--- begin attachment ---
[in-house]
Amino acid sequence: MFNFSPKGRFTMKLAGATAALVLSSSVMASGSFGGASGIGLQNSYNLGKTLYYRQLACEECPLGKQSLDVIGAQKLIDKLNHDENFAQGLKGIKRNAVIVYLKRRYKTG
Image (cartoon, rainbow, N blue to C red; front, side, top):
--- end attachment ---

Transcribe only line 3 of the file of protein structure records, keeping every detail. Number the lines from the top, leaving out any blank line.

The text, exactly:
Image (cartoon, rainbow, N blue to C red; front, side, top):